New poll shows declining support for nuclear power in light of Japan crisis

Reuters is reporting the results of a poll conducted March 15 and 16:

A majority of Americans want the United States to tap the brakes on new nuclear power reactors following the crisis in Japan that has focused more attention on the already controversial power source, according to a poll released on Tuesday.

The survey of 814 Americans found 53 percent would support a moratorium on new nuclear reactor construction if the country was able to meet its energy demand through increased efficiency and renewable sources such as wind and solar.

Specifically, a majority would support a moratorium on new nukes:

The survey of 814 Americans found 53 percent would support a moratorium on new nuclear reactor construction if the country was able to meet its energy demand through increased efficiency and renewable sources such as wind and solar.

There was overwhelming opposition in the poll results to federal loan guarantees:

Nearly three-quarters of those polled oppose having taxpayers take on the risk for the construction of new reactors through billions of dollars in new federal loan guarantees. Instead, most support shifting those dollars to wind and solar power.

The Price-Anderson Act, which limits liability for nuclear accidents, was also unpopular in the poll:

The poll from the Civil Society Institute also found most Americans would embrace a move by Congress to consider repealing a 1957 law indemnifying nuclear power companies from most disaster cleanup costs. Instead, Americans would hold the companies “liable for all damages resulting from a nuclear meltdown or other accident.”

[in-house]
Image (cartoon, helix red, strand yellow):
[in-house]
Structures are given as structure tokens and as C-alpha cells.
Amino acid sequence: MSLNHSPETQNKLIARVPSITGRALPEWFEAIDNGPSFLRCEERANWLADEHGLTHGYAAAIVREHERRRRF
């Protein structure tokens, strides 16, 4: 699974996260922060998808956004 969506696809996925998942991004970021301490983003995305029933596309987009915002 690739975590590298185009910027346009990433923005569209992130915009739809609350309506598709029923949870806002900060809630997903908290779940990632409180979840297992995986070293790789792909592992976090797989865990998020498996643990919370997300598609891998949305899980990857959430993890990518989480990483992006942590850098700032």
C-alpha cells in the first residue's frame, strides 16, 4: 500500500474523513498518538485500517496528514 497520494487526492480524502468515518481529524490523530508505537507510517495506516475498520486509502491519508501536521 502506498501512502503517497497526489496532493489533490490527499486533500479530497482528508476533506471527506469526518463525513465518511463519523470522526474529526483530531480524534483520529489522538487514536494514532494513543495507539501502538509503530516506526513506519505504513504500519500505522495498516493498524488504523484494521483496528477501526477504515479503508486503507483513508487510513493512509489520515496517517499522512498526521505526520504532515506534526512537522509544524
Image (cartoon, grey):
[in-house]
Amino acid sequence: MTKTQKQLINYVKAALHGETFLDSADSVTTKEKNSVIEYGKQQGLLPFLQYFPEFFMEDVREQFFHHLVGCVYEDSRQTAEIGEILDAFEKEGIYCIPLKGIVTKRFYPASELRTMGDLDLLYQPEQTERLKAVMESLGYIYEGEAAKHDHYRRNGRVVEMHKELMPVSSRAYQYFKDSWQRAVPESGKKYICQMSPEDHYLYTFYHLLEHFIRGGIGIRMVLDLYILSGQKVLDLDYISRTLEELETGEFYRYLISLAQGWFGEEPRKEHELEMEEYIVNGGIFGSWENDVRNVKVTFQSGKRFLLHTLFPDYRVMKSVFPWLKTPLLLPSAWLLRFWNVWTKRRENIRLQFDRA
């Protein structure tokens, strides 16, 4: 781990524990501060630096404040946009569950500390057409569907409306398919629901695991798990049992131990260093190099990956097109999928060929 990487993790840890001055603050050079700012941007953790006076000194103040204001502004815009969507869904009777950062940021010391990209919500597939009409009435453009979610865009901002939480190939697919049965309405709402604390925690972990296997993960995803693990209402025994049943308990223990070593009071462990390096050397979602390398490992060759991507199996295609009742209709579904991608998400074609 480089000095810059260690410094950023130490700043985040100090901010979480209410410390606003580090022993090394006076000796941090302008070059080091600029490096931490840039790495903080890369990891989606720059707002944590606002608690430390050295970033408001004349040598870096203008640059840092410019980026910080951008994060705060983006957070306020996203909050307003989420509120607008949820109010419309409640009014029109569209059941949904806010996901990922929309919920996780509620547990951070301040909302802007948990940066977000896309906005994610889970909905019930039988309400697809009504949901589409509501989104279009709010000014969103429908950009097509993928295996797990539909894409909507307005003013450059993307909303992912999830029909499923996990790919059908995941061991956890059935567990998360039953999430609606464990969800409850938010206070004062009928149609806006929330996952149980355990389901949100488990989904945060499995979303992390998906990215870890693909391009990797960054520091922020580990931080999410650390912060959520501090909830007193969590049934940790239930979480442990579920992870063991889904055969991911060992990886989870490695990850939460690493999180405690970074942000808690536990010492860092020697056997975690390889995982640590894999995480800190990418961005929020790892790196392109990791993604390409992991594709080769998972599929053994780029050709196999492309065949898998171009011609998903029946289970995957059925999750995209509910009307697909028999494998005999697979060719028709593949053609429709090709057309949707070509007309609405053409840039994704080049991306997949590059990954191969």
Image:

And the poll indicated that most Americans living near nuclear power plants did not know what to do in case of a major accident:

The study found a majority of Americans living near nuclear plants are not prepared in the event of a major disaster. According to the survey, 52 percent of those living within 50 miles … of a nuclear reactor are unsure of emergency preparedness steps such as the proper evacuation route.

Link: http://af.reuters.com/article/energyOilNews/idAFN2216546620110322?sp=true

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About Robert Singleton

By day, I work for a call center. In my spare time, I try to save my hometown (and planet) from a nearly constant onslaught of greedheads, lunatics and land developers. I live in a fictional town called Austin, Texas, where I go to way too many meetings.
This entry was posted in Japan, Radiation leak, Reactor problems and tagged , , , . Bookmark the permalink.

3 Responses to New poll shows declining support for nuclear power in light of Japan crisis

  1. Jordi says:

    To me, the Price-Anderson act has another name: insurance. In the case of accidents, someone will pay, just not the private companies who built the plant. The government, through its taxpayers, will cover direct costs in this socialized insurance. Uncovered costs for clean up and health effects of course are borne by someone, sometime, somewhere in the form of health bills, moving to a new area, lost productivity and so on.

    • Jordi: The question we have to ask ourselves is whether the taxpayer is going to cover the risk of new nuclear plants. The reason that nuclear plants can’t get private insurance is the unbelievable cost that might accompany a worst-case accident. We have to ask ourselves if the benefits of nuclear power outweigh the risks, and are there less risky alternatives to nuclear power for producing electricity?

  2. Jordi says:

    I agree. But taxpayers are not able to rationally make a choice about covering the full set of risks because the decision to indemnify is separated by time and also by accounting “space.” When the accounting for nuclear plant is done, the insurance costs (via the taxpayer) are several levels removed. I wrote about this a little here: http://spillingink.net

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